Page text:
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The Genain quadruplets (born in 1930) are a set of identical quadruplet sisters. All four developed schizophrenia, suggesting a large genetic component to the cause of the disease. The pseudonym Genain, used to protect the identity of the family, comes from the Greek, meaning dire (αἶνος) birth (γεν-). The sisters were given the pseudonyms Nora, Iris, Myra and Hester, to represent each of the four letters in NIMH, the acronym for the United States National Institute of Mental Health. Nora, Iris, and Hester were hospitalized for their schizophrenia at least once each (Barlow & Durand, 2015).
The quadruplets were reportedly physically abused by their father, Mr. Genain. Subsequently the Genains accepted an offer by the NIMH to take the daughters into their clinic and each was diagnosed with schizophrenia.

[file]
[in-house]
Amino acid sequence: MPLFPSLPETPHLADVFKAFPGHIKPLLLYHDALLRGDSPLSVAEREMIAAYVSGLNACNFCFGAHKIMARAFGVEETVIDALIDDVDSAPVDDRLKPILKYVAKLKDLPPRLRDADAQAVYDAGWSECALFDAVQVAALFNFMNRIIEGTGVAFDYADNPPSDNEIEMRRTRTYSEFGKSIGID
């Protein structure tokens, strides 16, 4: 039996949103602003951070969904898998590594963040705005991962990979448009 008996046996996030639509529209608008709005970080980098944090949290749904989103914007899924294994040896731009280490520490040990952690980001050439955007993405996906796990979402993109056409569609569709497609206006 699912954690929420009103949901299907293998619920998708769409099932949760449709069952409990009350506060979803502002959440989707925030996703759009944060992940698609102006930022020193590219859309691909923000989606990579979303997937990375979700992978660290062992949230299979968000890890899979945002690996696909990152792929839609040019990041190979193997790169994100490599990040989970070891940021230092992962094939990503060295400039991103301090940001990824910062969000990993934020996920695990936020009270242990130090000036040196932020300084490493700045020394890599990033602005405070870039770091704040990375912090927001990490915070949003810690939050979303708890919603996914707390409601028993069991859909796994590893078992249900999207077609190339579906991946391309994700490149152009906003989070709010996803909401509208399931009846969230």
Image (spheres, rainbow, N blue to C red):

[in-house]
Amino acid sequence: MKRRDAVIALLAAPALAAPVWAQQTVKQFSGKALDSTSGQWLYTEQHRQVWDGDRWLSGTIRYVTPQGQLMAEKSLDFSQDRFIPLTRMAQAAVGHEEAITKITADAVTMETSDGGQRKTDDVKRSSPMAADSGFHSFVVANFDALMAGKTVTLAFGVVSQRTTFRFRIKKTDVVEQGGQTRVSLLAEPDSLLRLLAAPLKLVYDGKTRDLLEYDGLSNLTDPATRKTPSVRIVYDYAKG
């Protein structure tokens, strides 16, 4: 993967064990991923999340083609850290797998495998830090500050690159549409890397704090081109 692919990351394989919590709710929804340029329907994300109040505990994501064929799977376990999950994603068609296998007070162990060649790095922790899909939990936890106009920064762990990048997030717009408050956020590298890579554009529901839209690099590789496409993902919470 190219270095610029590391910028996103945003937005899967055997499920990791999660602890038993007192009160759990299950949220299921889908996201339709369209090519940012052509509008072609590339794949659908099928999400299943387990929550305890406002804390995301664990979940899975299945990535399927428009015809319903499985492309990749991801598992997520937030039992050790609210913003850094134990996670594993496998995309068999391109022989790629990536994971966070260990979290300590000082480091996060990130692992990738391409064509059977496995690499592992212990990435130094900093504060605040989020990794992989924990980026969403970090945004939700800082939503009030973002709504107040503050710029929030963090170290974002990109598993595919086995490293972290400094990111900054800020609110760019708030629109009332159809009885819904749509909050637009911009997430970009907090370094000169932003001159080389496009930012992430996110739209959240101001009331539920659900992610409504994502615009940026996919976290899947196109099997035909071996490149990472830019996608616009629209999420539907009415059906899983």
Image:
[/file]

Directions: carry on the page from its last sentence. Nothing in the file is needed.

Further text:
There was a history of mental illness in Mr. Genain's family that might have been an example of genetics being linked with mental illness or it may have just been a dysfunctional and abusive family.
Mr. Genain's mother had had a three-year nervous breakdown in her late teens. The NIMH had recorded behaviors in Mr. Genain's siblings indicative of mental illness. References below would give more information about the Genain association with mental illness.
- Barlow, D., & Durand, Vincent Mark. (2015). Abnormal psychology : An integrative approach (Seventh ed.).
- Bentall, R. (2009). Doctoring the Mind: Why psychiatric treatments fail. London: Allen Lane
- Bernheim, Kayla F. & Lewine, Richard R. J. (1979). Schizophrenia: Symptoms, Causes, Treatments. New York: W. W. Norton & Company. ISBN 0-393-09017-5.
- Rosenthal, David, (1963). The Genain quadruplets: A case study and theoretical analysis of heredity and environment in schizophrenia ISBN B0000CM68F